|Ahuja, Lajpat - Laj|
Submitted to: International Conference on Precision Agriculture Abstracts & Proceedings
Publication Type: Proceedings
Publication Acceptance Date: 7/1/2009
Publication Date: 7/20/2009
Citation: Ahuja, L.R., Anapalli, S.S., Ma, L., Nielsen, D.C., Trout, T.J., Andales, A.A., Hansen, N.C. 2009. Use of a Cropping System Model for Soil-Specific Optimization of Limited Water. International Conference on Precision Agriculture Abstracts & Proceedings. Interpretive Summary: Agricultural system models are potential tools for the synthesis and integration of site-specific information on the various components of the agricultural system for input management. Saseendran et al. (2008) calibrated and validated the CERES-maize v4.0 model for corn production in Rago silt loam soil at Akron, Colorado and used it with long-term weather data (94 years), and developed site-specific limited water irrigation management scenarios. In this paper, we extended that study further and developed soil-specific water management scenarios for the Nunn clay loam and Julesberg sandy loam soils commonly occurring in the region. The limited water management strategies developed varied considerably between the three soils. The study highlighted the potential of agricultural system (cropping system) models for site-specific synthesis and integration of soil-crop-water-atmosphere information for decision support in precision agriculture.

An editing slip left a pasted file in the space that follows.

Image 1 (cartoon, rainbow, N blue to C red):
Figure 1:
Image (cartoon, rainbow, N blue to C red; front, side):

Technical Abstract: In the arena of modern agriculture, system models capable of simulating the complex interactions of all the relevant processes in the soil-water-plant-atmosphere continuum are widely accepted as potential tools for decision support to optimize crop inputs of water to achieve location specific yield potential while minimizing environmental (soil and water resources) impacts. In a recent study, we calibrated, validated, and applied the CERES-Maize v4.0 model for simulating limited-water irrigation management strategies for corn in a Rago silt loam soil at Akron, Colorado. The results showed that, for different levels of irrigation, optimum production and WUE with minimum N losses were found when 20% of the available irrigation supply was applied during the vegetative (V) stage and 80% during the reproductive stage (R) (split irrigation strategy). We also found that the number of irrigations could be reduced and the water significantly saved if irrigations were initiated at 80% depletion of the plant available soil water (PAW) (later than commonly practiced). In this paper, the above model was used to evaluate similar limited irrigation management strategies for two other soil types (Nunn clay loam and Julesburg sandy loam) commonly occurring in the area. For the Nunn clay loam and Julesberg sandy loam soils, the water-level production functions, optimum irrigation levels, and WUE responses were similar. However, for the Julesberg sandy loam soil, our best results were found with the 20:80 split irrigation between V and R for all irrigation levels. For the Nunn clay loam soil, our best irrigation strategies were 20:80 split between the V and R stages for irrigations below 300 mm and above 600 mm, and 50:50 split between the stages for irrigation levels between 300 and 600 mm. For the late initiation of irrigation, optimum yields were achieved when water was applied at 60% depletion of PAW for the Nunn clay loam soil, and at 70% depletion of PAW for the Julesburg sandy loam soil.